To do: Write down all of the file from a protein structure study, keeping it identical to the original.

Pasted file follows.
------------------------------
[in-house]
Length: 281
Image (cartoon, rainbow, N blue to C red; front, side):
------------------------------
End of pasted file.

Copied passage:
[in-house]
Length: 281
Image (cartoon, rainbow, N blue to C red; front, side):